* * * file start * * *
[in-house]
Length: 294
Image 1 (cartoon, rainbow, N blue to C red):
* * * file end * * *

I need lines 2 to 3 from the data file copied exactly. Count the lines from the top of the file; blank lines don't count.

Length: 294
Image 1 (cartoon, rainbow, N blue to C red):